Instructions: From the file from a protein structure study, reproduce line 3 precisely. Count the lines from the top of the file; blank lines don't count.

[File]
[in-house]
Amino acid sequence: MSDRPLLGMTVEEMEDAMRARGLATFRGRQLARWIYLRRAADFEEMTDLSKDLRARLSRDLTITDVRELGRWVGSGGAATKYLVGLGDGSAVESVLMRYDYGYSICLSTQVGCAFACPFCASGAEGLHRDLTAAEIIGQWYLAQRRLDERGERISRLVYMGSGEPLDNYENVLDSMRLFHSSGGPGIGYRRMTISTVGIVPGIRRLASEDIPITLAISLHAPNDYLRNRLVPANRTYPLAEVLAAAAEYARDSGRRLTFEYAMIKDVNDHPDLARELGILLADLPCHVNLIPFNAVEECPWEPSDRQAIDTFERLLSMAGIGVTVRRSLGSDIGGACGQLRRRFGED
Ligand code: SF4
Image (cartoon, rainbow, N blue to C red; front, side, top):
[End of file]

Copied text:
Ligand code: SF4